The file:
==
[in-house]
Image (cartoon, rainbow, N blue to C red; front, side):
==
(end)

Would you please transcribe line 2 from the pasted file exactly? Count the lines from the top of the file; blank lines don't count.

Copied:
Image (cartoon, rainbow, N blue to C red; front, side):